2022 ◽  
Vol 17 (1) ◽  
Alzamani M. Idrose ◽  
Fikri M. Abu-Zidan ◽  
Nurul Liana Roslan ◽  
Khairul Izwan M. Hashim ◽  
Saiyidi Mohd Azizi Mohd Adibi ◽  

Abstract Background Two city trains collided in an underground tunnel on 24 May 2021 at the height of COVID-19 pandemic near the Petronas Towers, Kuala Lumpur, Malaysia, immediately after the evening rush hours. We aim to evaluate the management of this mass casualty incident highlighting the lessons learned to be used in preparedness for similar incidents that may occur in other major cities worldwide. Methods Information regarding incident site and hospital management response were analysed. Data on demography, triaging, injuries and hospital management of patients were collected according to a designed protocol. Challenges, difficulties and their solutions were reported. Results The train's emergency response team (ERT) has shut down train movements towards the incident site. Red zone (in the tunnel), yellow zone (the station platform) and green zone (outside the station entrance) were established. The fire and rescue team arrived and assisted the ERT in the red zone. Incident command system was established at the site. Medical base station was established at the yellow zone. Two hundred and fourteen passengers were in the trains. Sixty-four of them were injured. They had a median (range) ISS of 2 (1–43), and all were sent to Hospital Kuala Lumpur (HKL). Six (9.4%) patients were clinically triaged as red (critical), 19 (29.7%) as yellow (semi-critical) and 39 (60.9%) as green (non-critical). HKL's disaster plan was activated. All patients underwent temperature and epidemiology link assessment. Seven (10.9%) patients were admitted to the hospital (3 to the ICU, 3 to the ward and 1 to a private hospital as requested by the patient), while the rest 56 (87.5%) were discharged home. Six (9.4%) needed surgery. The COVID-19 tests were conducted on seven patients (10.9%) and were negative. There were no deaths. Conclusions The mass casualty incident was handled properly because of a clear standard operating procedure, smooth coordination between multi-agencies and the hospitals, presence of a 'binary' system for 'COVID-risk' and 'non-COVID-risk' areas, and the modifications of the existing disaster plan. Preparedness for MCIs is essential during pandemics.

2022 ◽  
Somnath Koley ◽  
Kevin L. Chu ◽  
Saba S. Gill ◽  
Doug K. Allen

This standard operating procedure is used to achieve effective separation of a wide range of polar metabolites found in central carbon metabolism via a hybrid liquid chromatographic method (ion-exchange chromatography and hydrophilic interaction liquid chromatography (HILIC)) using an Intrada Organic Acid column (Imtakt) coupled with triple quadrupole mass spectrometry. This method gives improved resolution while showing enhanced sensitivity for the detection of low abundance phosphorylated sugars compared with standard HILIC methods.

2022 ◽  
Vol 2022 ◽  
pp. 1-7
Hongxia Zhang ◽  
Zonghong Zhu ◽  
Xiaoyan Wang ◽  
Xiaofeng Wang ◽  
Limin Fan ◽  

Objective. To investigate the application effect of the standard operating procedure (SOP) in the prevention of venous thromboembolism (VTE). Methods. The clinical data of patients admitted to respiratory, cardiovascular, neurological, and geriatric departments in the hospital (November 2020–May 2021) were retrospectively analyzed, and the patients in line with the inclusion criteria were equally randomized into the observation group (OG) and the control group (CG). The CG was treated with the routine nursing, and the OG received the SOP of VTE prevention additionally. After the record of the incidence of VTE and nursing satisfaction of the two groups, scores of VTE awareness were compared. Results. One hundred and twenty patients were included in this study, and no obvious difference was found in the general data of patients ( P  > 0.05). Compared with the CG, the incidence of VTE of the OG was obviously lower ( P  < 0.05). After nursing, compared with the CG, scores of VTE awareness in the OG were conspicuously higher ( P  < 0.001), and scores of VTE awareness of the nursing staff were conspicuously higher than those before nursing ( P  < 0.001). Compared with the CG, nursing satisfaction of the OG was obviously higher ( P  < 0.001). Conclusion. SOP can reduce the incidence of VTE of patients, improve their disease awareness, and enhance their nursing satisfaction, which should be popularized in practice.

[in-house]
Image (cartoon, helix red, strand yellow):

2022 ◽  
Vol 7 (2) ◽  
pp. 191-200
Nyoto Suseno ◽  
Riswanto Riswanto ◽  
M. Barkah Salim ◽  
Dedy Hidayatullah ◽  
I Gede Rasagama

The role of school laboratories is vital in helping junior high school students learn science. Many schools have laboratory facilities but are underutilized. This study aims to optimize the role of school laboratories through action research. In three cycles, the writer carried out the SMP Negeri 2 Metro research and SMP Negeri 6 Metro. The first cycle carried out technical guidance to the laboratory manager. Still, the results were not as expected due to communication problems to understand the principal's importance of incomplete laboratory improvement. The second cycle is carried out by mentoring the laboratory management. This includes the making of the laboratory management, inventory, and labeling, and creating work programs. This cycle two treatment also has not shown the results as expected. The reflection results found that the root of the problem was that the teachers and the laboratory manager believed that practicum activities needed time. So, it had to be carried out outside of class hours to require additional time, effort, and cost. To overcome this problem, in the third cycle, a workshop on making a practicum guide and Standard Operating Procedure (SOP) of practicum was developed according to the lesson schedule, then a trial was conducted. Data collection uses documentary, interview, and Focus Group Discussion (FGD) methods to explore the root of the problem and the solution. Data processing uses a qualitative approach with steps: data collection, selection, and grouping, tabulation, description, interpretation, and conclusions. Based on the results of action research data analysis, it can be concluded: First, management improvement and inventory of laboratory tools and materials as well as making practical SOPs, which are effective in optimizing the role of science laboratories in supporting the learning process; Second, the use of SOP practicum according to the lesson schedule is quite efficient in saving time, effort, and costs. According to the results of this study, it is recommended that for the laboratory to be optimal in supporting learning, laboratory management must be orderly equipped with SOPs, and inventory of tools and materials must be good.